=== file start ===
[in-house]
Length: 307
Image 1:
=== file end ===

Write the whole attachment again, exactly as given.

[in-house]
Length: 307
Image 1: